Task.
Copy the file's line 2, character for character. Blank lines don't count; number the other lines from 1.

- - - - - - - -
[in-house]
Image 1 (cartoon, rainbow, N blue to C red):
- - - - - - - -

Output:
Image 1 (cartoon, rainbow, N blue to C red):